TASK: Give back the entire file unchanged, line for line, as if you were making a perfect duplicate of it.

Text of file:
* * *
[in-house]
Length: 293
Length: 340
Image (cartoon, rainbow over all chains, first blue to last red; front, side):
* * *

[in-house]
Length: 293
Length: 340
Image (cartoon, rainbow over all chains, first blue to last red; front, side):